Cuba Caravan Heads for Mexican Border

HAVANA TIMES — The Pastors for Peace Caravan to Cuba is gearing up for its final week of crisscrossing the US and Canada en route to a merger at McAllen, Texas and then a crossing into Mexico next weekend.

A Pastors for Peace caravan to Cuba meeting in Berkeley, California.

If all goes well the shipment of around 100 tons of humanitarian aid will then be embarked to Cuba and dozens of the Caravan participants will fly to Havana to be on hand when it arrives.

The aid, collected by the different legs of the caravan, includes school buses, educational supplies, medicines and medical supplies, sports equipment, etc. collected in the US and Canada.

At each stop the caravan participants hold meetings with locals to provide information on the injustice of US policy regarding Cuba.

In protest of the half century US economic blockade on Cuba and the US travel ban that prohibits its citizens to visit the neighboring island without a US Treasury Deptartment license, the caravan members will attempt to deliver their aid without permission “as an act of conscience and civil disobedience.”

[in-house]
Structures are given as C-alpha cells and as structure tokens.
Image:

This year marks the twentieth anniversary of the Pastors for Peace caravans to Cuba.




2 thoughts on “Cuba Caravan Heads for Mexican Border

  • John, you have failed to factor in the cost of paying bribes to the Cuban funcionaries responsible for ordering the spare parts. Then there are the accountants who maintain the books who have to look the other way and must be taken care of to so. Of course, we can not forget the dock workers who must always receive their share once the parts arrive on the island and then finally, if any of these spare parts can be used in other vehicles, namely the almendares or Cuban taxis, there must be a certain portion of the spare parts released through pilferage by the bus mechanics to the black market. All in all, the 300% markupin costs due to corruption and theft makes what seems like a commonsense solution much less viable.

  • the pastors should concentrate on buses but with with a japanese engine block in the aisle. the filipinos rebore japanese engines for their buses, trucks and jeepneys. jeepneys use isuzu engine blocks but i don’t know which truck engine blocks are used for the buses. so there are 1,000 chinese bendy buses in cuba with american engines and no spare parts. don’t the chinese have suitable bus engines? a big fishing boat could bring in a few second hand japanese engine blocks every few days and at the same time export and get rid of the american engines unless they can be adapted for japanese or other parts. doesn’t anyone have any imagination in cuba? the parts for engine blocks could be imported by airfreight. that would not be too expensive.

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